the west Nile virus has been making headlines in the us for quite some time now. Till now, three people, 213 birds and 114 mosquito pools have been reported infected with the virus in different parts of the country. It is believed that the virus, which killed seven people last year, was brought into the country by migratory birds.
Though birds cannot transmit the disease, mosquitoes feeding on them can carry the virus and infect humans. Those with a weak immune system, such as children and the elderly, are at increased risk. The symptoms include severe headaches, fever and muscular disability. In acute cases, it causes encephalitis (swelling of the brain) and there is no cure, except to give the patient an intensive support therapy such as intravenous fluids, ventilators and antibiotics.
When the us Center for Disease Control and Prevention found that the virus had survived through the winters in birds and mosquitoes, they undertook a massive spraying of insecticides to kill mosquitoes. They are also using larvicides and biological control agents like bacteria to control the mosquitoes that might hatch in stagnant water bodies and storm drains.
Environmentalists, however, have protested against the massive spraying of the insecticides. "The city is taking an irresponsible course of action," said Kimberly Flynn, a researcher at the New York Environmental Law and Justice Project. This year, the authorities are using synthetic pyrethroids -- chemicals which resemble natural pesticides extracted from chrysanthemum flowers. The insecticides disintegrate when they come in contact with sunlight, air or water and thus, pose less of an environmental hazard.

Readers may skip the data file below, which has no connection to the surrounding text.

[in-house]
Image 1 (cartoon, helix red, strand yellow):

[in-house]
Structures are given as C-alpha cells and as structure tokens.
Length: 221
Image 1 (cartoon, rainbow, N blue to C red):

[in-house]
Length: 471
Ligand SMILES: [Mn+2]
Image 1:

Experts, however, warn that the synthetic pyrethroids could affect human hormones, the liver and thyroid gland besides increasing the risk of breast cancer. A case was filed by environmentalists in us courts to stop the spraying of the insecticides. But the court rejected their claim saying that there was not enough data to prove the insecticides were harmful.
Robert McLean, director of the National Wildlife Center, says that the insecticides may also kill beneficial insects and "may temporarily modify the predator/prey foodchain". Experts warn that these chemicals are also dangerous to aquatic life and the spraying is unnecessary. The department of wildlife in Massachusetts has said that the spraying could harm the freshwater three-spine stickleback, one of the nine endangered species of fish in the state.